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DEI Scholars Program Reflection by Ava Claus

Posted by kmyule on July 18, 2023 - 4:04pm in Undergraduate Students

By Ava Claus

I can still remember the first time I walked into the collections vividly. The classroom where we would spend the next six weeks learning how to identify insects, digitize specimens, and prepare samples to be DNA barcoded greeted me with taxidermy animal heads covering an entire wall. Walking through the rest of the collections is a similarly astounding experience; giant replicas of bugs hang from the ceiling, and the building is full of cabinets upon cabinets of samples. From the moment I stepped foot into the building, I knew the next six weeks would be more eye-opening and thrilling than I could have ever imagined.


Rather than writing pages and pages about each week of the program, I thought I would highlight some of my favorite memories overall:


The first field trip to the Bighorn Mountains. It was my first time camping and definitely won’t be my last. We were giddy trying out our aspirators for the first time and seeing a gila monster in an old mine shaft. I trapped an itty-bitty pocket mouse (much smaller than the kangaroo rat I’m pictured holding below), and holding it while measuring it made me really appreciate the beauty of life.


Handling small mammals and capturing insects (Credit: Piper Preuss)


Going to a church near campus to see a pair of nesting owls that live there. The owls stretched and yawned for us and we all died of a cuteness overload. I had previous experience with bird watching, but being able to get so close to these truly incredible birds was thrilling.


Preparing the same pocket mouse I caught to be preserved in the collections. Seeing how detailed the miniature organs and skull were was amazing, and not disgusting or nausea-inducing like I feared.


Ava mammal preparation (Credit: Dakota Rowsey)


Looking at the insects I caught under a microscope and marveling, once again, at how incredibly detailed their bodies were despite their size. Going through the taxonomic keys and identifying each bug was time-consuming but made me really appreciate the uniqueness between different species.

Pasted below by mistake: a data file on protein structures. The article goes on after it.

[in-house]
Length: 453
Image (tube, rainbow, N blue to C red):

insect collecting and processing


The second field trip to Pinto Springs. The area we were staying in was a gorgeous riparian area where we got to catch (and hold!) lizards, look for frogs, and bird watch. My favorite part of the trip was the 2.5 hour hike/bird watching expedition we went on early Saturday morning; it was so peaceful taking in the scenery and listening for birds, and I came back from the trip feeling refreshed.
Overlook on the way to Pinto Spring

Ava's experience at Pinto Spring


Eating fruit during plants week! We were able to look at lots of cool plants under the microscope and learn about their reproduction, but everyone’s favorite part of the week was tasting over a dozen different types of fruit while we learned about the differences between them.


Speaking with everyone in the collections and other experts in the field. It was incredibly valuable and eye-opening to be able to speak to experts on their educational journeys and ask for advice about research, grad school, and more. Everyone’s excitement was contagious, and I loved witnessing everyone’s passion as they explained the minute differences between different species of beetles or bird calls.


As a Sustainability major with an ecosystems concentration, I’ve always been passionate about nature and protecting Earth’s natural beauty. Being able to experience Earth’s beauty firsthand---by listening to birdsong on an early morning hike, or tasting plants I didn’t even know were edible on a camping trip---provided me a sense of inspiration and devotion to the fight to protect Earth’s biodiversity that lectures and labs will never be able to replicate. I am forever grateful for this incredible experience.